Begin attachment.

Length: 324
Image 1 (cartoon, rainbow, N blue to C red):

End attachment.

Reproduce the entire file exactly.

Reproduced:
Length: 324
Image 1 (cartoon, rainbow, N blue to C red):